Apollo Tyres Ltd of India announced Wednesday that it is buying Cooper Tire & Rubber Co. in an all-cash deal worth about $2.5 billion.
Apollo said shareholders of Cooper, whose Texarkana, Ark. plant employs about 1,600 people, will receive $35 per share in cash, a 40 percent premium to Cooper's 30-day volume-weighted average price.
The firms say the combined company will be the seventh-largest tire company in the world, with a combined $6.6 billion in total sales in 2012.
"The combined company will be uniquely positioned to address large, established markets, such as the United States and the European Union, as well as the fast-growing markets of India, China, Africa, and Latin America where there is significant potential for further growth," Apollo Chairman Onkar S. Kanwar said in a news release.
"Our combined portfolio of brands and products will be amongst the most comprehensive in the industry."
Roy Armes, Cooper's chairman, CEO and president, called the deal a "compelling transaction" in the best interest of its stockholders. He said it "offers attractive benefits to our customers and employees."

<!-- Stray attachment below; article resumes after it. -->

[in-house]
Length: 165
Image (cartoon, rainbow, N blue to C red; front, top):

Charles Nickerson, vice president of economic development at the Texarkana Chamber of Commerce, told Arkansas Business the deal appears to be a positive one for Cooper and the local plant. He said the two companies' offer complimentary product lines with little overlap, and local Cooper leaders he talked to had been upbeat about the deal.
"Apollo was looking for a footprint in North America and China, which they didn't have, and Cooper gives them," he said.
The deal is expect to close in the second half of the year, after which Cooper will become a privately held company.
Apollo said it expects Cooper will be led by members of its current management team "and will continue to operate out of its facilities located around the world." It said the company "will continue to recognize the labor unions and honor the terms of collective bargaining agreements presently in effect while generally maintaining compensation and benefit levels for non-union employees."
Union employees at Cooper in Texarkana are represented by United Steel Workers Local 752L. Last year, those workers ratified a new four-year labor agreement that boosted salaries and set pay raises. The pay raises were the first since 2008, when the union implemented a salary freeze to keep the plant from closing.
Founded in 1914 and based in Findlay, Ohio, Cooper is currently the 11th-largest tire company in the world by revenue. It supplies premium and mid-tier tires worldwide through brands including Cooper, Mastercraft, Starfire, Chengshan, Roadmaster and Avon. It has plants in 11 countries and employs 13,000. In 2012, revenue reached $4.2 billion.
Apollo Tyers has manufacturing plants in India, the Netherlands and South Africa and exports throughout the world.